Men’s 200-meter breaststroke: Arizona senior Kevin Cordes, 20, of Arizona Ford out-touched Nicolas Fink, 21, of Athens Bulldogs to win in 2:09.48. Fink’s time was 2:09.62. Josh Prenot, 21, of Cal Aquatics was third in 2:10.43. During morning prelims, Cordes broke the U.S. Open record in a lifetime-best 2:07.86, breaking two-time Olympian Eric Shanteau’s record of 2:08.01. His personal best was 2:08.34.

“I am really happy I made the team. I just did what I had to do tonight,” Cordes said. “I tried to be as efficient as possible.”

Just before the final, the live stream went down for a minute prompting Shanteau to tweet, “Did the live feed seriously just go down?” he asked Twitter followers.

Women’s 50-meter butterfly: Kendyl Stewart, 19, of North Coast out-touched Claire Donahue to win in 25.99, eighth fastest time in the world this year, and earned a berth on her first world championship team for Russia next year.

“I am really excited, it’s going to be a blast,” Stewart said. “The 50 fly is the most fun event for me. I am pretty slow off the blocks so I tried to work my underwaters.”

At 25, Donahue was the oldest swimmer in the final, finishing second in 26.11.

Men’s 50-meter butterfly: At 29, 6-foot-8 Matt Grevers, the oldest swimmer in the field, won a close race with the help of his long arms by 8/100ths of a second in 23.50.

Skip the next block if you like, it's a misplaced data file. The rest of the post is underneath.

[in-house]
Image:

The non-Olympic 50-meter butterfly events were not a qualifying event for the Pan Pacific Championships but were for the 2015 World Championships.

Men’s 800-meter freestyle relay: In an exciting race, North Baltimore Club edged Wisconsin Aquatics, 7:24.49-7:24.99 to win with relay members Frank Dyer, Tom Luchsinger, Thomas Duvall and Austin Surhoff.

After Day Two, SwimMAC leads the men’s team standings with 156 points. Club Wolverine is second with 147. SwimMAC also leads the women’s team totals with 145. California Aquatics is second with 132.

The five-day meet is the USA National Team’s selection for the 2014 Pan Pacific Championships, 2014 Jr. Pan Pacific Championships, 2015 World Championships, 2015 World University Games and 2015 Pan American Games.

The next meet for swimmers to make a national team is the 2016 Olympic Trials.

Friday’s events are the 400-meter individual medley 100-meter butterfly, 50-meter breaststroke, 50-meter backstroke and women’s 400-meter freestyle relay.

In one of the funnier Twitter messages of the evening, Rowdy Gaines tweeted “We’ve got the Goodyear Blimp! We have arrived!”